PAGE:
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So Long

Entry 361 posted in: 2. DNA

I am rereading Douglas Adams' So Long, And Thanks For All The Fish for the umpteenth time now. I know volume four in the trilogy of five isn't considered his best by many fans. It is a rather thin novel and was written at gunpoint. Douglas Adams was a master in procrastination (and making a load of money out of that) and after a while Pan Books were so desperate that they released a promotion kit without actually having a book. Inside the promotion kit a prayer could be found: "Please God grant to Douglas Adams the gift of inspiration (...) so that he can deliver the manuscript in time."

As god (all of them) and Douglas were never on speaking terms the prayer didn't help a lot. In the end there was nothing else left to do to isolate Douglas in a posh hotel suite with a guard before the door and force him to write a book in 2 weeks time. Two whole weeks. Nobody really knew what the story was going to be about but artists at both sides of the Atlantic had already been summoned months before to create the cover image: the English cover (by Gary Day Ellison) showed a dinosaur morphing into a walrus, the American jacket had some jumping dolphins. To quote biographer Neil Gaiman in his Don't Panic book: "There are no dolphins in So Long, And Thanks For All The Fish but there are more dolphins than there are walruses or dinosaurs."

Douglas Adams wasn't really keen in writing yet another hitchhiker novel. At one point in the novel he even tells the "regular followers of the doings of Arthur Dent' to mind their own business (and stop harassing the author). To those readers who are expecting more goofiness and less love story he has the message to "skip on to the last chapter which is a good bit and has Marvin in it'. But Marvin, the paranoid android, only has an appointment with death, as if Douglas Adams wanted to say: see what happens if you keep on asking for my regular characters?

After the tin man has died the novel ends, leaving the reader in quiet desperation. Douglas Adams makes it fairly clear that he is fed up with hitchhiker as well: "There was a point to this story, but it has temporarily escaped the chronicler's mind." It makes me think of Ian Fleming whose James Bond character (in the original novels) matures from a one-sided government killing machine to a person of flesh and blood, questioning the politics of the British Empire concerning Cuba and refusing to kill a spy in The Living Daylights.


So long is in many ways a tender love story, and its construction - which is very episodic - is full of little scenes that are almost self-contained and that show off Douglas' talent as a sketch writer. (Nick Webb in Wish You Were Here, p. 199-200.)

Quite right. Nearly every page contains some near-to-perfection sentences, thoughts or ideas. Take page one for instance:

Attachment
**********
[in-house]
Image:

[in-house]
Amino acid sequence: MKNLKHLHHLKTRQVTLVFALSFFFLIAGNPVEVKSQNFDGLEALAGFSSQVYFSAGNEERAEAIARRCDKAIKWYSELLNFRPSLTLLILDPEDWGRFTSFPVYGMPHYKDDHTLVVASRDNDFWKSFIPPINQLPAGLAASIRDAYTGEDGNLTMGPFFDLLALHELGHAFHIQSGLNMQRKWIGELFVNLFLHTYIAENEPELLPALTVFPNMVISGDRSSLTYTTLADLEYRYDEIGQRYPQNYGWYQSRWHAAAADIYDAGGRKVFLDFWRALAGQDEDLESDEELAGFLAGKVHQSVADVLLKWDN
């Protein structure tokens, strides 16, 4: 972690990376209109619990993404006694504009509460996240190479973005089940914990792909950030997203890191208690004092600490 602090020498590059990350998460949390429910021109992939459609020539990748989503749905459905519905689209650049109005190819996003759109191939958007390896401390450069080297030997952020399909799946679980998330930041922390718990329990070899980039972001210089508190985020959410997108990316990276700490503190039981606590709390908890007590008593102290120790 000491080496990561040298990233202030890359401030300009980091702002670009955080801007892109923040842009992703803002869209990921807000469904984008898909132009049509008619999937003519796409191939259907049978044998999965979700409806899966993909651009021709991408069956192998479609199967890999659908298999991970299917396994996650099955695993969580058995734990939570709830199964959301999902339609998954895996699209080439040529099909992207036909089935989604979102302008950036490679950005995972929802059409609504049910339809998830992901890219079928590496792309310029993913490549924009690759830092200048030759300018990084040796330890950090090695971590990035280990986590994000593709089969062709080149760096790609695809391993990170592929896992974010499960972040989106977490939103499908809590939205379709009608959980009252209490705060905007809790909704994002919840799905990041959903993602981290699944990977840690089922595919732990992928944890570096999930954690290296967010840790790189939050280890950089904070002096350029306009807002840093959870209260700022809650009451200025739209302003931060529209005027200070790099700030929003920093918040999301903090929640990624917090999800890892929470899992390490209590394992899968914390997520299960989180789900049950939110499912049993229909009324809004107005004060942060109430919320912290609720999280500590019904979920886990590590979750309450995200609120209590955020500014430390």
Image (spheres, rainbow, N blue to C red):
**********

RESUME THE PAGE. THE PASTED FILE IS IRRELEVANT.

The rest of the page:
This planet (Earth, note by FA) has - or rather had - a problem, which was this: most of the people living on it were unhappy for pretty much of the time. Many solutions were suggested for this problem, but most of these were largely concerned with the movements of small green pieces of paper, which is odd because on the whole it wasn't the small green pieces of paper that were unhappy.

You can't get more perfect than that, if you ask me. The first 150 pages of the novel are a treat and contain the cookie incident, then Douglas (still trapped in his hotel room, remember) and his vicious gatekeeper from hell suddenly realised that they needed to end the book because it was Friday, five minutes before five.

In the last 15 pages of the book, obviously written in a hurry, the following happens:

  • a giant flying saucer lands
  • Ford Prefect visits Arthur Dent (and Fenchurch, the girl, not the railway station)
  • they board the flying saucer
  • they arrive at the land of Sevorbeupstry (a little tired from the journey)
  • they meet Marvin who is now 37 times older than the Universe
  • they read God's Final Message
  • Marvin dies
  • They rent a scooter from a guy with green wings

The book ends with an epilogue (making that the 42nd chapter) in which Blart Versenwald III designs a "remarkable new breed of super-fly that could (...) figure out how to fly through the open half of a half-open window'.

Basically this post started as an introduction to tetradecahedrons but it grew rapidly into a monster. I also wanted to add something else about Ian Fleming and his James Bond character but I have forgotten what.

You'll have to tune in next year, I guess, to read the next part...;

The Cookie Incident (back to text)

For a description of this urban myth please consult: Snopes.

For Douglas Adams' comment on this subject, please consult: The Cookie Incident.

And a short movie on the same theme: The Cookie Thief.